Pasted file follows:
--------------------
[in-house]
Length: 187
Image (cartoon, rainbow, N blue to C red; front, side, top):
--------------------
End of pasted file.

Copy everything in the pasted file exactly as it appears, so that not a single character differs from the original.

[in-house]
Length: 187
Image (cartoon, rainbow, N blue to C red; front, side, top):